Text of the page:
8) Mgła – Age of Excuse

Northern Heritage – 2019/09/02

What I said then: Age of Excuse sounds as fresh and intimidating as Groza did ten years ago.
What I say now: In a year that saw merely acceptable releases from multiple black metal icons, it took these Poles to show how venomous and furious the genre can still be. They are a mighty tempest of darkness.

7) Alcest – Spiritual Instinct

Nuclear Blast -2019/10/25

What I said then: This isn’t some fae trickster or changeling; this is the wild hunt, riding high in saddle, their doomed quarry hounded by spirit and mist alike.
What I say now: There’s a fine balancing act on display here. It is undoubtedly more aggressive, but it still retains the warming dreamlike quality that makes Alcest so charming. It’s a malicious beauty.

Mariusz Lewandowski Award for Best Art
John Dyer Baizley for Gold & Grey by Baroness

I’ve always had a deep and abiding affection for Baizley’s art, but the work he put into Gold & Grey is absolutely stunning. I could look at it for hours and still find something new.

6) Death Angel – Humanicide

Nuclear Blast – 2019/05/31

What I said then: They have penned an album of thrash anthems that will absolutely stay fresh and loud in your mind.
What I say now: It’s mind-boggling how consistently fantastic Death Angel have been. You absolutely cannot complain about more of the same when everything they do is so damn good.

5) Esoteric – A Pyrrhic Existence

Season of Mist – 2019/11/08

What I said then: They’ve created a swirling void of utter despair that threatens to suck all life into its infinite depths.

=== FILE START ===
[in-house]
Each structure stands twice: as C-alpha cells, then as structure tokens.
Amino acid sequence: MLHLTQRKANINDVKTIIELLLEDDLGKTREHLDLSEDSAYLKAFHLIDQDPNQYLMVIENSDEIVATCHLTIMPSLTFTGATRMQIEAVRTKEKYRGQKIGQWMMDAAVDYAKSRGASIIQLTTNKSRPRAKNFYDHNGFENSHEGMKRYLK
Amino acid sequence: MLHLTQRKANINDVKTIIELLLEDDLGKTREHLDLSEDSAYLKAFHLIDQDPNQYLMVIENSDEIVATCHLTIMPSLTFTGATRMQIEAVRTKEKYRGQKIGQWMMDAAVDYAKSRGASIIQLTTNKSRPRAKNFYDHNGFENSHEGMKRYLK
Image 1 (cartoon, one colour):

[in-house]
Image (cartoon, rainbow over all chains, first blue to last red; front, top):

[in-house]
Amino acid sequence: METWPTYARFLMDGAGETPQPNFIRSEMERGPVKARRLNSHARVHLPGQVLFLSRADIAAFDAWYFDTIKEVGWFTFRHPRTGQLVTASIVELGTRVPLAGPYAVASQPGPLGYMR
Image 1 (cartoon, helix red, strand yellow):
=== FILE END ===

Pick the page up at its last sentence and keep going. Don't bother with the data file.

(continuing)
What I say now: Esoteric have that wonderful ability to make funeral doom so much more than low, slow, and miserable. There is a richness of tone and a warmth to their delivery, which gives it soul.

4) Pissgrave – Posthumous Humiliation

Profound Lore – 2019/03/04

What I said then: The vocals are akin to someone drowning in acid, the guitars are like a frenzied ice-pick attack, the drums might as well be hammers swung at your joints, and the solos are like the gears of a horrifying trap grinding into action.
What I say now: These depraved degenerates can seriously play. As straight up hostile as this is, it’s only as effective as it is because they’ve honed their monstrous craft to a razor’s edge.

The Dillinger Escape Plan Memorial Award for Most Kick Ass Live Act
Behemoth

In a year with ample competition, Behemoth stood taller than all the others. They have a flair for the dramatic, blast harder than they do on wax, and and curate a fantastic live set. It’s metal maximised to the limit.

3) Cloud Rat – Pollinator

Gilead Media – 2019/09/13

What I said then: It’s the vast vista of humanity with all its foibles and tumults, but sped up to the bpm of a stressed hummingbird’s heartbeat and viewed through an obscuring heat shimmer of pure ferocity.
What I say now: Cloud Rat have always been building to something. All that energy. All that drive. All that passion. It all led to this: a humanity affirmation wrapped in a blistering assault.

2) Spirit Adrift – Divided by Darkness

20 Buck Spin – 2019/05/10

What I said then: They’ve forged a path to greatness and paved it with talent.
What I say now: Spirit Adrift tap into the same heavy metal wellspring that made Sabbath essential. Heavy and melodic with bone-shaking rhythms, but done in a way that’s 100% fresh. Old school remade anew.

1) Devin Townsend – Empath

InsideOut – 2019/03/29